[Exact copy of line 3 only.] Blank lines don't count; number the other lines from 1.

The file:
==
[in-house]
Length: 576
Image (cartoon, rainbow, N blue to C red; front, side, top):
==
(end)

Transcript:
Image (cartoon, rainbow, N blue to C red; front, side, top):